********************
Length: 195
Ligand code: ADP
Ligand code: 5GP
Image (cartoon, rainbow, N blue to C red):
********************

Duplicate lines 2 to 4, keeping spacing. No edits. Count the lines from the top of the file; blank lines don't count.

Ligand code: ADP
Ligand code: 5GP
Image (cartoon, rainbow, N blue to C red):